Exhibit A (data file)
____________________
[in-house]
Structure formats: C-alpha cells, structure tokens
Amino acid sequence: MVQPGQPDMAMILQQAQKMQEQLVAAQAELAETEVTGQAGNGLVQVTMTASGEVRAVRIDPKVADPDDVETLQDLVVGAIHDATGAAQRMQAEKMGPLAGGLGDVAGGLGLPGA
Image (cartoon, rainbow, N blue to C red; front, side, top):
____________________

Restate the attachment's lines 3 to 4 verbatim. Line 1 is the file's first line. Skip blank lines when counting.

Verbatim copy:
Amino acid sequence: MVQPGQPDMAMILQQAQKMQEQLVAAQAELAETEVTGQAGNGLVQVTMTASGEVRAVRIDPKVADPDDVETLQDLVVGAIHDATGAAQRMQAEKMGPLAGGLGDVAGGLGLPGA
Image (cartoon, rainbow, N blue to C red; front, side, top):